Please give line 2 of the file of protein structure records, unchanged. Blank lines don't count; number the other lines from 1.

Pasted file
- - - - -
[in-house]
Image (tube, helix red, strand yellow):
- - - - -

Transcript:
Image (tube, helix red, strand yellow):